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Is it a good idea to put yourself on child support? Yes, if you don’t want your daughter to become a stripper.

Financial realities.

Before we get to that, there are some financial realities to consider.

  1. Separated parents often run into financial or health problems and need state services. If that happens, the government is going to come after you for support. Even if it doesn’t, the other parent could decide at any time she wants a support order. When you are hit with a support order, you could end up with retroactive support and no credit for the support you provided informally — not to mention the attorney fees you will have to pay.
  2. On the other hand, with a child support order, your payments will be fixed and locked in for a few years and your expenses will be stable other than unexpected medical bills. Moreover, if you all are friendly about it, you could negotiate a lower amount than what you would wind up with in court.

It could end up costing way more to avoid support than it would to set it up voluntarily.

Relationship realities.

Next, let’s consider the less obvious impact of a support order on your child.

People have a limited field of view when it comes to support. For paying individuals, one parent is getting money taken out of his check every month and the other is buying new shoes. For the government, it’s all wrapped up in satisfying duties and obligations for the benefit of the child.

However, from a relationship standpoint, child support is more than dollars and cents. If Dad is having child support withheld from his paycheck every month, that’s going to free up Mom’s headspace from begging you for money and free yours from thinking of ways to turn her down. That freed headspace is now going to be available for your brains to use their energy in more profitable ways, including improving your relationship with the other parent and your daughter. Moreover, those financial uncertainties that were trickling down to your daughter are going to be gone, freeing up her headspace for better uses of her mental energy. In addition, she’s not going to feel like she is in the middle so much, which is going to help her self-esteem so that she doesn’t grow up to become a stripper.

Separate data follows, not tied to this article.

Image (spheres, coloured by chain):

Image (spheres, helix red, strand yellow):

Get help.

The important thing is to understand that there are resources out there today that you should be taking advantage of. Professional financial planners and career coaches can help you to make the best use of the resources you have and to advance your career in a way that will make you feel more fulfilled — whether it’s internally within your current company or externally with a new one.

Good luck!

Recommended reading:

  1. Richard Ades Warshak. (2010). Divorce poison : how to protect your family from bad-mouthing and brainwashing. Harper.
  2. Eddy, W. A., Burns, A., & Chafin, K. (2020). BIFF for coparent communication : your guide to difficult texts, emails and social media posts. Unhooked Books, An Imprint Of High Conflict Institute Press.
  3. Kiyosaki, R. T. (2017). Rich Dad Poor Dad : With Updates For Today’s World–And 9 New Study Session Sections. Plata Publishing.
Divorce Poison Cover
Divorce Poison
by Dr. Richard A. Warshak
BIFF Cover
by Bill Eddy, Annette Burns, et al.
Rich Dad Poor Dad cover
Rich Dad Poor Dad
by Robert T. Kiyosaki